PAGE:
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Résultats de la recherche

Showing items 1 through 9 of 14.
  1. Library Resource
    janvier, 2000
    Inde, Asie méridionale

    The Kol tribals of Chitrakoot district live a life of abject poverty, exploitation and almost complete subjugation to the feudal landowners, locally known as Dadus. A local civil society organisation, the Akhil Bhartiya Samaj Sewa Sansthan (ABSSS) has adopted a multi-pronged approach to simultaneously address three sets of issues which it felt were crucial for improving the lot of the Kols.

  2. Library Resource
    janvier, 2000

    Grey literature collection includes documents from India over the last twenty years, the collection traces the process of social forestry, which aimed to satisfy local needs through fuelwood plantations and to divert pressure from natural forest through the participation of private framers and communities.The papers included are as follows:Village-level management of common property resources, especially fuelwood and fodder resources in Karnataka, IndiaBrokensha, D. 1988Women and wasteland development - policy issues.

  3. Library Resource
    Rapports et recherches
    septembre, 1999
    Myanmar

    The Regional Consultation on the Situation of Internally Displaced Peoples, hosted by Forum Asia, was held in Bangkok at
    SASA International House on October 21 and 22, 1999. There were 43 participants over the two days, with interests in
    seven countries in the region. The backgrounds of the participants were diverse: while the majority represented NGOs
    working directly with displaced peoples and displaced peoples' organisations, there were also representatives from the
    UNHCR, academics and Forum Asia.

  4. Library Resource
    Rapports et recherches
    septembre, 1999
    Myanmar

    This document presents the findings, conclusions and recommendations of the People's Tribunal on Food Scarcity
    and Militarization in Burma. The Tribunal’s work will appeal to all readers interested in human rights and social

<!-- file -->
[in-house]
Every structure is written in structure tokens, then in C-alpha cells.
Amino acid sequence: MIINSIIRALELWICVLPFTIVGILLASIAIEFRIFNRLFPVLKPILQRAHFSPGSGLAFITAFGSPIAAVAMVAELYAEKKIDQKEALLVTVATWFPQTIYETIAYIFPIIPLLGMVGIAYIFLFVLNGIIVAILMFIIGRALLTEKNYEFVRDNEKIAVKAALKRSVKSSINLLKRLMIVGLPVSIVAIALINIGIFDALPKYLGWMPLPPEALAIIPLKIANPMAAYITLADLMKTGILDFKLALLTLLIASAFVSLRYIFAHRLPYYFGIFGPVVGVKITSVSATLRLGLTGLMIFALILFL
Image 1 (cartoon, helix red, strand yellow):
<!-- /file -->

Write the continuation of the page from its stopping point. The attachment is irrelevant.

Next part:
justice, as well as anyone with a particular interest in Burma. The Asian Human Rights Commission presents this
    report in order to stimulate discourse on human rights and democratization in Burma and around the world.

  5. Library Resource
    Rapports et recherches
    mai, 1999
    Myanmar

    This report is a detailed analysis of the current human rights situation in Nyaunglebin District (known in Karen as Kler Lweh Htoo), which straddles the border of northern Karen State and Pegu Division in Burma. Most of the villagers here are Karen, though there are also many Burmans living in the villages near the Sittaung River. Since late 1998 many Karens and Burmans have been fleeing their villages in the area because of human rights abuses by the State Peace & Development Council (SPDC) military junta which currently rules Burma, and this flight is still ongoing.

  6. Library Resource
    Rapports et recherches
    novembre, 1999
    Myanmar

    In some countries, the internally displaced are beyond the reach of international humanitarian organizations.

  7. Library Resource
    Rapports et recherches
    juin, 1999
    Myanmar

    Urban and rural displacement in Myanmar

  8. Library Resource
    Rapports et recherches
    février, 1999
    Myanmar

    Nyaunglebin (known in Karen as Kler Lwe Htoo) District is a northern Karen region straddling the border of northern Karen State and Pegu Division. It contains the northern reaches of the Bilin (Bu Loh Kloh) River northwest of Papun, and stretches westward as far as the Sittaung (Sittang) River in the area 60 to 150 kilometres north of Pegu (named Bago by the SPDC). The District has 3 townships: Ler Doh (Kyauk Kyi in Burmese), Hsaw Tee (Shwegyin), and Mone.

  9. Library Resource
    Rapports et recherches
    août, 1999
    Myanmar

    Since mid-August, new flows of refugees have begun arriving at the Thai border from Karen villages in southeastern Pa'an District, central Karen State. Over 100 families, totalling well over 500 people, have arrived thus far and they say that many more will follow. Those who have arrived so far come from the villages of Pah Klu, Taw Oak, Tee Hsah Ra, Kyaw Ko, Tee Wah Thay, Tee Khoh Taw, Tee Wah Klay, B'Naw Kleh Kee and Ker Ghaw, most of which are within 2-3 days' walk of the border. . .

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